On the week long challenge:
“It was so amazing I get goosebumps just thinking about it. The atmosphere was good from the very beginning. It wasn’t like Project Runway where they really compete and talk badly about each other. It was nothing like that. Actually you know in those reality shows when someone gets voted out and then everyone says they’ll miss that person? I would think, Yeh yeh don’t be dramatic. But then when this ended, in my thank you speech I was like: I’m going to miss you girls! And I thought afterwards, Oh my goodness Sissal you’re doing what you almost always laugh at!
The atmosphere was so good though. We were supporting each other, we learned from each other, we asked each other for advice. There was no ugliness. It was supportive and helpful and just so wonderful. And the four guys from NORA [the organisers] were so helpful, running around trying to assist but they had no idea what they were doing with the sewing but they tried so hard and managed so well.
After the challenge we created a closed Facebook group called the Blue Fashion Family because we see each other in that context because what you experience together is so stressful and hard. But I was genuinely happy from the beginning to the end.”
On her favourite moment of the entire week:
“Besides when I won of course, it was the moment when Tommy Ton was taking photos and I got the model in the ocean wearing my creations. Her expression was so clean and when I put the hood on, I was like. Oh my goodness you are a seal! But in a good way. She was such a great sport and it worked out so perfectly. So that exact moment when she was in the ocean, that was the highlight for me. I felt really proud of my clothes and also my model. The ocean would have been freezing cold but she didn’t complain. She was so professional. That entire moment was just perfect.”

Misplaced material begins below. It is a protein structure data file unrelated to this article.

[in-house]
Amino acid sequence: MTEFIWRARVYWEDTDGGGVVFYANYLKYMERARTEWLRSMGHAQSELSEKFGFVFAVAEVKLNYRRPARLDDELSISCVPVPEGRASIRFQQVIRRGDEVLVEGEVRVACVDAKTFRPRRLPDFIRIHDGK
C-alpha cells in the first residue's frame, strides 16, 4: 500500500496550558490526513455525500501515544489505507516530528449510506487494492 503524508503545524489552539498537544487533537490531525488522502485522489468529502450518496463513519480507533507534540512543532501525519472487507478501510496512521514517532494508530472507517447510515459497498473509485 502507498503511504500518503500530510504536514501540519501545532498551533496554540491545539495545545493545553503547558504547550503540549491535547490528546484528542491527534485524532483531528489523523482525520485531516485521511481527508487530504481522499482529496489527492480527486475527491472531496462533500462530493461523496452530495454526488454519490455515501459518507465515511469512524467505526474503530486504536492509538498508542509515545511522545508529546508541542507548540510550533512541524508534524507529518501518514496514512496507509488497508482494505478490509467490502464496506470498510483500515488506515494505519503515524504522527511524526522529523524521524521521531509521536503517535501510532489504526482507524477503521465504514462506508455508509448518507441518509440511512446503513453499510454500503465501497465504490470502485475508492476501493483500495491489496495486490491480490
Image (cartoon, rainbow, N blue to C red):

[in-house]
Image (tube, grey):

On winning the challenge:
“I never expected to win. I’m a knitter really and some of the designers are really really good. They have portfolios that shows just how good they are and I’m not a designer by education, I’m just self-taught so I never thought I was a real player in this. It was my personal self doubt I know but I didn’t think I could win.
But then you couldn’t really work out who would win because it wasn’t until Saturday – because the challenge ended on Saturday – when you could see everyone’s designs, and actually the day before was the first time you could see what people were doing because that was when the silhouettes started being put on the dolls.
People from the Faroes did praise my design but people say nice things to be polite. And although I really liked my design because I stayed true to what I like, I still didn’t think I had a chance of winning because I was up against some really good designers.
So of course when I won, I was thrilled because I didn’t expect it.”
Proud of where she comes from, Sissal is a passionate advocate for the Faroe Islands and defends the region’s 1000-year fishing practices, although acknowledges the industry has to find sustainable ways to operate if it is to continue to provide its traditional food for a thousand more years.
“I’m ready to join the movement to help people make sustainable choices. There is a Greenlandic quote that says: I eat seal, and use the skin. But now what I say is: I eat fish, and use the skin.”
Sissal is putting her money where her mouth is. She has already used half the prize money on an industrial sewing machine and will use the rest on buying fish skin leather.
For more info about Sissal or her Shisa Brand, visit www.shisabrand.com.
Editor’s note: Responses have been edited for length and clarity.